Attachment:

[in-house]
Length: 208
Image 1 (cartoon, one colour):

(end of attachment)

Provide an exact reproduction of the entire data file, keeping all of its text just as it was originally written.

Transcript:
[in-house]
Length: 208
Image 1 (cartoon, one colour):